Concerned parents at Mount Pleasant Elementary School, in Vancouver, addressed the Vancouver School Board on 27 february to voice concern with proposed cuts. Read the parents report here MTP Parent Group Report.
What are the advantages to living here, in the west coast of the New Continent? This film provides interesting fashioned from a daring strategy: Anticipating the Decline and Fall of the Great Modernist Architecture, it profiles the west coast, 20th century—mostly—residential buildings to suggest that the flame is still glowing. Or is it? If the last foothold of the Modernist avant-garde is to be the meagre and privileged places of its origins—the corporate commissions for private homes—then what can we say about the health and well-being of that other project—the construction of the socially balanced urbanism? Enjoy. Some of these houses represent the best efforts of the last 100 years.
Among the first 10 books I read at the start of my career in architecture this one still stands as the odd ball. Fifty three years after its publication I return to its pages to highlight and debate its most important points. I have found recently that although Death and Life is much talked about, its principal thesis and ground-breaking assertions are not read much less understood. The book opens with crushing salvo and an enormous boast:
This book is an attack on current city planning and rebuilding. It is also, and mostly, an attempt to introduce new principles in city planning and rebuilding, different and even opposite from those now taught in everything from schools of architecture and planning to Sunday supplements and women’s magazines. My attack is not based on quibbles about rebuilding methods or hair-splitting about fashions in design. It is an attack, rather, on the principles and aims that have shaped modern, orthodox city planning and rebuilding.
Jane Jacobs, p. 3.
“Human Scale is Body Scale” said someone, sometime over the holidays, in a radio interview. That’s as good a starting place as any to wade into this fundamental topic touching every aspect of our daily lives. Continue reading
What if the cars are not the problem? What if vehicular congestion, pollution, and environmental degradation are the symptoms of bad urbanism, but not the cause? What if the greatest challenge facing urban sustainability are the towers and the freeways—the permanent structures and public investments—rather than the cars? Consider that the fleet changes over every 4 to 10 years making it possible to retrofit new technologies at a fast rate. Towers and highways, on the other hand, may last for centuries inscribing patterns on the landscape and the cultural sphere that prove difficult to break Continue reading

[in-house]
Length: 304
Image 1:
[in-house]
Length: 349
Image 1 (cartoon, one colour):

LCA Charrette, Park City, Utah 2003
Two men and a woman walk into a bar carrying a pizza in a cardboard box. They sit down, take the pizza out, turn the box over and start drawing on it. After a couple of hours of discussions and drawing they have finished a ‘charrette’.
Charrettes are just about that simple. Continue reading
Growth Is the Engine of Change — LNV (2000)
The tradition of western urbanism may be summed by two concepts: the classical and the vernacular. The former term has been so misused that it may render the proposition either nonsensical, or incomprehensible to most of us. Yet, embracing this basic distinction between two different modes of building is fundamental for managing the growth of our cities. Detroit City filing for bankruptcy in the summer of 2013 presents the alternative. Faced with pending crisis, and famously phrased by Canadian critic Northrope Frye, we must learn to “distinguish where we cannot divide.” (open cit.) Continue reading